In All These Things

J. C. Philpot

Today’s Daily Words for Zion’s Wayfarers

“In all these things we are more than conquerors through him that loved us.”

Romans 8:37

Those who know nothing of their own heart, of their own infirmities, of their own frailties, of their own inward or outward slips and backslidings, know nothing of the secret of super-abounding grace, nothing of the secret of atoning blood, nothing of the secret of the Spirit’s inward testimony. They cannot. Only in proportion as we are emptied of self in all its various forms, are we filled out of the fullness of Him who fills all in all.

Now you, perhaps, (I address myself personally to some poor, tempted child of God, that in touching one, I may touch others,) are a poor, tempted creature; and your daily sorrow, your continual trouble is, that you are so soon overcome; that your temper, your lusts, your pride, your worldliness, your carnal, corrupt heart are perpetually getting the mastery. And from this you sometimes draw bitter conclusions. You say, in the depth of your heart, “Can I be a child of God, and be thus? What mark and testimony have I of being in favor with God when I am so easily, so continually overcome?”

Now I want you to look to the end. What is the issue of these defeats? Remember, it is a solemn truth, and one that we learn very slowly–that we must be overcome in order to overcome. There is no setting out with a stock of strength, daily adding to it, weekly increasing it, and then gaining the victory by our own resolutions, our own innate strength. Such sham holiness may come under a gospel garb, may wear a fair appearance; but it only more hides the rottenness of the flesh. Then, remember this–that in order to gain the victory, we must know our weakness; and we can only know our weakness by its being experimentally opened up in our consciences. We cannot learn it from others; we must learn it in our own souls; and that often in a very painful manner. But these painful sensations in a tender conscience lead a man more humbly, more feelingly, more believingly to the Lord of life and glory, to receive out of his fullness. Thus every defeat only leads to and ensures victory at the last. Says the Apostle, “In all these things we are more than conquerors.” How? Through our resolutions, through our wisdom? No; “through Him that loved us.” There is no other way, then, to overcome, but by the “strength of Jesus made perfect in our weakness.”

Sorrow Upon the Sea

C. H. Spurgeon

This Evening’s Meditation

“There is sorrow on the sea; it cannot be quiet.” Jeremiah 49:23

We know little what sorrow may be upon the sea at this moment. We are safe in our quiet chamber—but far away on the salt sea—the hurricane may be cruelly seeking for the lives of men. Hear how the death fiends howl among the storm; how every timber shakes as the waves beat like battering rams upon the vessel! God help you, poor drenched and wearied ones! My prayer goes up to the great Lord of sea and land, that He will make the storm a calm, and bring you to your desired haven!

Nor ought I to offer prayer alone, I should try to benefit those hardy men who risk their lives so constantly. Have I ever done anything for them? What can I do? How often does the boisterous sea swallow up the mariner! Thousands of corpses lie where pearls lie deep. There is death-sorrow on the sea, which is echoed in the long wail of widows and orphans. The salt of the sea is in many eyes of mothers and wives. Remorseless billows, you have devoured the love of women, and the stay of households!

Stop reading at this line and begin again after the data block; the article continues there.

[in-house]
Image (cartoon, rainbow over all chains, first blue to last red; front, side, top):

What a resurrection shall there be from the caverns of the deep—when the sea gives up her dead! Until then, there will be sorrow on the sea. As if in sympathy with the woes of earth, the sea is forever fretting along a thousand shores, wailing with a sorrowful cry like her own birds, booming with a hollow crash of unrest, raving with uproarious discontent, chafing with hoarse wrath, or jangling with the voices of ten thousand murmuring pebbles.

The roar of the sea may be joyous to a rejoicing spirit—but to the son of sorrow—the wide, wide ocean is even more forlorn than the wide, wide world. This is not our rest, and the restless billows tell us so. There is a land where there is no more sea—our faces are steadfastly set towards it; we are going to the place of which the Lord has spoken. Until then, we cast our sorrows on the Lord who trod the sea of old, and who makes a way for His people through the depths thereof.

Light’s Effects

C. H. Spurgeon

This Morning’s Meditation

“That you may become blameless and pure, children of God without fault in a crooked and depraved generation, in which you shine like lights in the universe.” Philippians 2:15

We use lights to make manifest. A Christian man should so shine in his life, that a person could not live with him a week, without knowing the gospel. His conversation should be such that all who are about him should clearly perceive whose he is, and whom he serves; and should see the image of Jesus reflected in his daily actions.

Lights are intended for guidance. We are to help those around us who are in the dark. We are to hold forth to them the Word of life. We are to point sinners to the Savior, and the weary to a divine resting-place. Men sometimes read their Bibles, and fail to understand them; we should be ready, like Philip, to instruct the inquirer in the meaning of God’s Word, the way of salvation, and the life of godliness.

Lights are also used for warning. On our rocks and shoals a light-house is sure to be erected. Christian men should know that there are many false lights shown everywhere in the world, and therefore the right light is needed. The wreckers of Satan are always abroad, tempting the ungodly to sin under the name of pleasure; they hoist the wrong light, be it ours to put up the true light upon every dangerous rock, to point out every sin, and tell what it leads to—that so we may be clear of the blood of all men, shining as lights in the world.

Lights also have a very cheering influence, and so have Christians. A Christian ought to be a comforter, with kind words on his lips, and sympathy in his heart; he should carry sunshine wherever he goes, and diffuse happiness around him.